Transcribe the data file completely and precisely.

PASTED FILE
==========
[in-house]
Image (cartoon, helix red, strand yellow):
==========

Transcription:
[in-house]
Image (cartoon, helix red, strand yellow):